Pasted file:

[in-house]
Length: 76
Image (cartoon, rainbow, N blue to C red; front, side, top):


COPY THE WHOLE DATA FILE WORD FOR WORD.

[in-house]
Length: 76
Image (cartoon, rainbow, N blue to C red; front, side, top):